Source: Portraying disabled people as ‘parasites’ could lead to ‘violence and killings’, says UN chair | DisabledGo News and Blog

UK faces UN examination: DPOs ‘delighted’ with exposure of government’s failings – Black Triangle Campaign


Disabled people’s organisations who travelled to Geneva this week to help highlight the government’s continuing human rights violations have praised a UN committee of disabled experts for publicly exposing the UK’s failings.

Civil servants from eight UK government departments, and the devolved governments in Scotland, Wales and Northern Ireland, were grilled over two days about the UK’s record in implementing the UN Convention on the Rights of Persons with Disabilities (UNCRPD).

The two days ended with the chair of the UN committee on the rights of persons with disabilities (CRPD), Theresia Degener, telling the UK government that its cuts to social security and other support for disabled people had caused “a human catastrophe” (see separate story).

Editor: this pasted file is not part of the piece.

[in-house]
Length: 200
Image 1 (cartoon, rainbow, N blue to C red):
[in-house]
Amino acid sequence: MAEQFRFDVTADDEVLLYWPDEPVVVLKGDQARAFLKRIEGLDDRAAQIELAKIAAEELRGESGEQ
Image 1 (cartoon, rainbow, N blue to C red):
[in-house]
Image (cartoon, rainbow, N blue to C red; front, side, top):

Another CRPD member, Stig Langvad, said members were “deeply concerned” by the government’s failure to implement the convention, and delivered a withering putdown, telling the UK delegation: “I could provide a long list of examples where the state party doesn’t live up to the convention. Unfortunately, the time is too limited.”

Among the DPOs that travelled to Geneva were representatives of Inclusion London, the Alliance for Inclusive Education, Disabled People Against Cuts (DPAC), Equal Lives, Black Triangle, Disability Rights UK, Inclusion Scotland and Disability Wales.

Source: UK faces UN examination: DPOs ‘delighted’ with exposure of government’s failings – Black Triangle Campaign